If we change policies but not our hearts, will it make a difference?

child and adult working in garden

Sadly, when it comes to homelessness, sometimes we forget the humanity in it all. People become mere recipients of what others give, reduced to their needs alone. Over the past two decades, I’ve witnessed remarkable efforts to address homelessness all across Canada, but I’ve noticed that something was missing—friendship and laughter, the things we need most, were offered the least. We offer food, clothes and the occasional cigarette as we drive by. Don’t get me wrong; these things are essential, but we must remember that people in need also have talents, dreams and ways of giving back.

This summer, I had the privilege of joining my neighbours in a grassroots community garden project near a shelter with tiny homes. In that garden, we toiled with shovels, slinging soil and planting seeds, sharing conversations about the weather and vacation plans.

As the morning went on, shelter guests approached us with curiosity, asking if they could help. And together, we worked side by side, cracking jokes and planting with care. It may seem futile to build such a small garden for a place serving hundreds of meals daily, but in that moment, with dirt on our hands and peace in our hearts, could it be enough? Could this be the moment some of us find hope and believe in better days ahead?

Over the next few issues of MCC’s Peace & Justice newsletter, we will reflect on the challenges we face as Ontario grapples with a severe national housing affordability crisis, leaving countless without affordable homes. Homeownership feels like a distant dream, and rental costs are skyrocketing, leaving many struggling and at risk of homelessness. Thankfully, the government acknowledges the problem and has introduced strategies and funding programs to address it. The National Housing Strategy Act recognizes housing as a human right, advocating for transformative change through an inclusive approach. We can join hands and advocate for equitable housing solutions in the true spirit of compassion and justice.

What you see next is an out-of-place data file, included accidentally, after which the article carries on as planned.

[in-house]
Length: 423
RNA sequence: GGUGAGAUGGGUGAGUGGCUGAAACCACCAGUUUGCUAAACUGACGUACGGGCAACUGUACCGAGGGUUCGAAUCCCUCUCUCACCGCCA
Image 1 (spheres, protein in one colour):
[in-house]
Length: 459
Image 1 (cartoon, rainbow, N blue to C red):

Issues like homelessness, poverty, war and housing crises can overwhelm us, leading to an “us versus them” mentality. But peace lies in our connections—with God, each other, the land and ourselves. This is where the magic happens—mutual transformation. Yet we don’t often expect to be transformed ourselves.

As a faith-based organization, MCC believes that an essential part of that transformation comes when we humbly shift focus to Christ, step beyond comfort zones and welcome others to a shared table. This process means facing uncomfortable truths about culture, history, bias and worldview through the eyes of others.

So, let’s nurture our hearts, my friends, and together, let the seeds of compassion and understanding bloom, fostering a world of mutual transformation and genuine connection. If you’re looking for a way to nurture such connections, feel free to come by for a meal at the Tiny Home Takeout in downtown Kitchener (the price is “pay if you can”—please pay, if you can!), or for a deeper dive, volunteer with Circle of Friends in supporting those who are transitioning to stable housing.